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I know I have some Jet Star seed packs - Ferry Morse, if I remember correctly - that I bought from the local Lowes or Home Depot. If you have one of these stores near you, it might be worth a look.
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Old February 27, 2018   #7
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This is my 4th year growing from seed; I always bought transplants. It's really a satisfying experience to enjoy eating a tomato that you grew from a tiny seed. On the flip side, it's absolutely heart breaking to lose 70% of your new seedlings to a fungal infection. I was depressed for days...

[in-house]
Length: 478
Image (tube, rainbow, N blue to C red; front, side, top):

I do buy transplants for the hybrid tomato varieties that I grow every year (Early Girl, Big Beef, Big Boy, etc...) mainly because they only cost $1.19 for a 3-pack where I buy them.... They have always been of good quality, so I really don't see the cost/labor effectiveness of growing them from seed.

Good luck! Hope you have a great growing season!

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Old February 27, 2018   #8
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Goodloe I don' know if it will help prevent fungal issues but after adding water to the coconut coir that Burpee sells I microwaved it 4 times at 60 sec each and repeated it 4 times. the You Tube link (Rusted Garden) said it would kill off any fungus, insect eggs and any other bad stuff to ensure the young plants were healthy when put in the garden. Don't know if you did this for your seed mix but it can't hurt.
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Old February 27, 2018   #9